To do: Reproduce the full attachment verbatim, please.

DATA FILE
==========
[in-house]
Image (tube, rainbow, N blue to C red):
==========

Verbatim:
[in-house]
Image (tube, rainbow, N blue to C red):